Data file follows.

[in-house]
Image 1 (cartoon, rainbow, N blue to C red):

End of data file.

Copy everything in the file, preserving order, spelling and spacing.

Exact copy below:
[in-house]
Image 1 (cartoon, rainbow, N blue to C red):